Distinguishing Creditor from Debt Collector Under the Fair Debt Collection Practices Act

The Fair Debt Collection Practices Act (FDCPA) protects consumers against abusive practices by debt collectors.  The purpose of this article is to educate consumers about what constitutes an abusive practice, and inform consumers of their legal rights.  If you have been the victim of abusive debt collection practices, protect your legal rights with aid of an experienced New York debt defense attorney.


First, it is important to understand who the FDCPA applies to.  In the world of debt collection, three of the most common parties are the consumer, the original creditor, and the debt collector.  The consumer is individual or entity that owes the debt.  The original creditor is the individual or entity who lends the money.  The debt collector is the person who takes actions to collect the debt.  A source of confusion is that, while the creditor and the debt collector share the same goal of collecting a debt, they are often not the same party.  Sometimes, original creditors hire debt collectors to collect the debt from the consumer; in other cases creditors sell the debts outright to debt collectors. Importantly, if the original creditor sells consumers’ accounts to a debt-buying company after the debts have gone into default, and then the debt buyer tries to collect on those debts, the debt buyer is considered a debt collector.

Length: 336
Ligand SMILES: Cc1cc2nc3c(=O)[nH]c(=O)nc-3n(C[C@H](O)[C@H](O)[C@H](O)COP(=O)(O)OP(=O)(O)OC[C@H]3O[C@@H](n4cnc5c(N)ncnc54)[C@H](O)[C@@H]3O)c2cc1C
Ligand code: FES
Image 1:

The FDCPA only applies to the debt collector; it does not apply to the original creditor, with one exception: the FDCPA does apply when the original creditor and its employees hold themselves out as third parties engaged in the debt collector role.  Let’s consider an example.  Consumer Joe owes a debt to Creditor Sal.  Rather than hiring an outside debt collector to collect the debt from Consumer Joe, Creditor Sal elects to collect the debt itself.  However, when acting as debt collector, Creditor Sal does not announce itself as Creditor Sal.  Instead, Creditor Sal rechristens itself Debt Collector Jim Bob in communications such as phone calls, written correspondence, and electronic mail.  In such circumstances, the FDCPA applies.




Because the law prevents creditors from trying to operate as a sham third party (when it is really acting on its own behalf) to evade its responsibility to abide by the FDCPA.  Well, then, how do you know when a creditor is pretending to be a third party, and when a creditor has actually hired a legitimate third party debt collector?  Research and familiarity with the debt collection industry helps, for sure.


An experienced New York debt collection attorney is precisely the type of individual that can do the research necessary, and is deeply familiar with the laws and players in the debt collection industry.  If you have been the victim of abusive debt collection practices, a skilled attorney will get to the bottom of the question is who is who in regards to the question of whether creditor and debt collector are separate or identical parties with regard to the collection of your debt.  If the FDCPA has been violated in your case, your attorney will fight to protect your rights and hold those accountable who have violated them.